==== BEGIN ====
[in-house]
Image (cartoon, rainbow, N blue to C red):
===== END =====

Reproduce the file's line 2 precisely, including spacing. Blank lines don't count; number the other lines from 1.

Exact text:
Image (cartoon, rainbow, N blue to C red):